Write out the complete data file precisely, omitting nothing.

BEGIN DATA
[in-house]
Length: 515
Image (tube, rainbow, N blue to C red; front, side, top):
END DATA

[in-house]
Length: 515
Image (tube, rainbow, N blue to C red; front, side, top):